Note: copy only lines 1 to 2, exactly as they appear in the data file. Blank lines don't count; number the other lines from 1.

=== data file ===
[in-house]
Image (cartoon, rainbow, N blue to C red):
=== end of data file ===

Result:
[in-house]
Image (cartoon, rainbow, N blue to C red):